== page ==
Article Text


Modification of hypertension and hypercholesterolaemia in patients with systemic lupus erythematosus: a quality improvement study
  1. M B Urowitz,
  2. D D Gladman,
  3. D Ibanez,
  4. Y Berliner
  1. Rheumatology Department, University Health Network, Toronto Western Hospital, Toronto, Canada
  1. Correspondence to:
    Dr M B Urowitz
    Rheumatology Department, University Health Network, Toronto Western Hospital, 399 Bathurst St, Toronto, ON M5T 2S8, Canada; m.urowitz{at}


Background: Hypercholesterolaemia and hypertension are risk factors for coronary artery disease in patients with systemic lupus erythematosus (SLE).

Objective: To examine the recognition and management of hypercholesterolaemia and hypertension in patients with SLE before and after a quality improvement study.

Method: Patients with SLE have been followed up prospectively at the University of Toronto Lupus Clinic since 1970. The charts of all patients who entered the clinic since 1990 were reviewed to ensure completeness of data on anti-hypertensive treatment (AHT) and lipid lowering agents (LLA). Recognition and management of hypercholesterolaemia and hypertension were evaluated for the periods 1990–1995 and 1996–2001.

Results: Comparison of treatment between time periods showed that during 1990–1995 204/559 (36%) patients seen were hypertensive, of whom 180 (88%) were receiving AHT, and during 1996–2001 241/576 (42%) patients seen were hypertensive, of whom 232 (96%) were receiving AHT (p = 0.0013). A comparison of treatment for hypercholesterolaemia showed that 21/236 (9%) hypercholesterolaemic patients were being treated with LLA in the earlier period compared with 74/261 (28%) in the later period (p<0.0001).

Conclusions: Treatment for hypertension and hyperlipidaemia has increased in the past 6 years compared with the previous 6 years, but a number of patients eligible for these treatments remain untreated.

  • AHT, antihypertensive treatment
  • CAD, coronary artery disease
  • LLA, lipid lowering agent(s)
  • SLE, systemic lupus erythematosus
  • SLEDAI, SLE Disease Activity Index
  • hypertension
  • hypercholesterolaemia
  • systemic lupus erythematosus
  • quality improvement

Statistics from

Accelerated atherosclerosis in patients with systemic lupus erythematosus (SLE) leads to a high prevalence of coronary artery disease (CAD).1 Studies investigating the factors associated with CAD in SLE have identified both traditional risk factors for CAD, and factors related to disease and treatment. Specifically, three large prospective studies, conducted in the late eighties and early nineties, identified hypercholesterolaemia as a risk factor for CAD, with two of these studies also identifying hypertension as a risk factor.2–5 Additionally, carotid ultrasound studies have found that factors significantly associated with perfusion abnormalities include higher total cholesterol, higher low density lipoprotein cholesterol, higher blood pressure, and higher body mass index.6 Recently, Bruce et al found that hypertension, any occurrence of raised cholesterol, and the total cholesterol:low density lipoprotein cholesterol ratio were associated with abnormal dual isotope myocardial perfusion imaging study results.7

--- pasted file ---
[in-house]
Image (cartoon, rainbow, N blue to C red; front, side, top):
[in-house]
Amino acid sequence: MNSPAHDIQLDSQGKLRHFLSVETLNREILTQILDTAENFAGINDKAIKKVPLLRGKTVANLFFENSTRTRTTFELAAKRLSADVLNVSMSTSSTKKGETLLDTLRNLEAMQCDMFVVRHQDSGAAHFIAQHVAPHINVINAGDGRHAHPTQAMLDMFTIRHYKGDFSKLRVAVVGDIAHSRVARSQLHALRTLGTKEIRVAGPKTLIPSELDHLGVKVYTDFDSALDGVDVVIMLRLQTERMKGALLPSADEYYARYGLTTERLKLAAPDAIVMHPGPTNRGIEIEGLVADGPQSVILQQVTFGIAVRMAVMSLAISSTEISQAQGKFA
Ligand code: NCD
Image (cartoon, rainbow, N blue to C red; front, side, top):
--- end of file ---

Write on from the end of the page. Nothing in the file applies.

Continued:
The recognition and management of hypercholesterolaemia and hypertension by physicians in patients with lupus represents an important aspect of the care afforded to these patients. In 1998 we reported a quality improvement study of patients with SLE followed up before 1996.8 We showed that in patients who subsequently developed acute coronary events, potentially reversible risk factors before the event were not well managed. The purpose of the current study was to compare the adequacy of management of hypercholesterolaemia and hypertension in all lupus patients subsequent to 1996 compared with those patients followed up before 1996 at the University of Toronto Lupus Clinic.


Patients with lupus have been followed up prospectively at the clinic since 1970. Clinical and laboratory information is collected on a standard protocol and stored on a computer database. All patients are assessed by the directors of the clinic (MBU or DDG) or by a clinical fellow trained by them. The charts of all patients who entered the clinic since 1990 were reviewed, to ensure completeness of the data in the database for both antihypertensive treatment (AHT) and lipid lowering agents (LLA).

Hypertension was defined as blood pressure >140 mm Hg systolic and/or >90 mm Hg diastolic for at least 3 months, or receiving antihypertensive treatment. The prescription of antihypertensive drugs was considered appropriate management.

Hypercholesterolaemia was defined as random total cholesterol of >6.2 mmol/l, or treatment with an LLA. We used total cholesterol rather than lipid fractions because a fasting level is not required. The prescription of LLA was considered appropriate management.

Disease activity at each visit was measured using the SLE Disease Activity Index (SLEDAI) 2000.9 Disease activity over time was calculated using the adjusted mean SLEDAI.10 Active renal disease was defined by the presence of sterile pyuria and haematuria, proteinuria >0.5 g/24 h, and casts. Nephrotic syndrome was defined by proteinuria >3.5 g/24 h and renal insufficiency was defined by an increased serum creatinine >120 mmol/l.

Statistical analysis

The years between January 1990 and September 2001 were divided into two 6 year periods 1990–1995 and 1996–2001. The number of eligible patients receiving AHT or LLA, or both, was assessed. Differences between the two time periods were examined.


Between 1990 and 1995, 559 patients were seen, whereas between 1996 and 2001 576 patients were seen. The patient characteristics in these two periods were similar (table 1). Of the 559 patients seen in the first period, 204 (36%) were hypertensive and 180 (88%) were receiving AHT (table 2). Of the 576 patients seen in the second period, 241 (42%) were hypertensive and 232 (96%) of these were receiving AHT (table 2). Although the prevalence of hypertension was not statistically different between the two study periods, the treatment for hypertension was statistically significantly more often prescribed in the latter period. Moreover, between 1990 and 1995, 236 (42%) had hypercholesterolaemia and 21(9%) were being treated with LLA, while between 1996 and 2001, 261 patients (45%) had hypercholesterolaemia and 74 (28%) were treated with LLA (table 2). Although there was no difference in the prevalence of hyperlipidaemia between the two study periods, the use of LLA was significantly higher in the second period.